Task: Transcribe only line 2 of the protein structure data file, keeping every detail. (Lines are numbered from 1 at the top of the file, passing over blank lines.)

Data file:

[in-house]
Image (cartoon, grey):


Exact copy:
Image (cartoon, grey):